Our Services: Cardiac MRI

Cardiac MRI is quickly becoming an essential non-invasive imaging modality for the assessment of cardiac function and vascular anatomy. Dr. Adrian Moran, who received his training at Children’s Hospital, Boston, is the first and only cardiologist in Maine with expertise in cardiac MRI.”Magnetic Resonance Imaging overcomes some of the shortcomings of ultrasound by enabling the physician to image 2-dimensional slices of the heart from any angle (Figure 1). Using complex, post-processing algorhythms, the cardiologist can then construct a 3-dimensional model of the heart which can be viewed from all sides, as if you were holding a plaster model,” says Dr. Moran.What is MRI?
Magnetic Resonance Imaging (MRI) is a diagnostic imaging technology that uses strong magnet and radiofrequency waves to produce images of the heart and blood vessels. There is no radiation produced during acquisition of images by MRI. Because MRI allows us to non-invasively see inside the heart and blood vessels from any angle and with great clarity, it has replaced more invasive and time-consuming diagnostic modalities for many types of cardiac problems.

What To Expect
Upon arrival at Maine Medical Center, you should go to the Radiology Department. There you will be required to complete a questionnaire to ensure it is safe to proceed with the scan (see below). A typical scan takes 1-1.5 hours. Expect to spend 2 hours in the MRI division. In preparation for the scan, ECG leads will be attached to your skin and an intravenous line may be required. During the scan, you will be asked to hold your breath multiple times. These breath holds last ~ 6-12 secs depending on the picture being taken. It is very important to lay still during the study. If you are claustrophobic, please discuss this with your cardiologist as we can prescribe medications to be taken the evening and morning prior to the study. If you are given such medications, you should have someone else come to drive you home.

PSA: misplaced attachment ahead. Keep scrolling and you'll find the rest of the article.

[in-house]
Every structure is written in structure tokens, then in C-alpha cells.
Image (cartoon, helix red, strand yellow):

Magnets and Metal Don’t Mix

  • You must let us know if you have a pacemaker, surgical clips, prosthesis, metal implants or any other metal objects in your body. If so, we will determine whether or not you should proceed with the MRI.
  • Any metal materials that might be affected by or attracted to the powerful magnet used for MR imaging should be left at home or given to the MRI staff for safekeeping. This list includes your watch, coins, keys, bobby pins, credit cards, and such things as pocket knives.
  • You should also be certain that you are free of metal flakes or slivers on your skin, as found in some eye make-up or as a result of working around metal finishing or grinding equipment.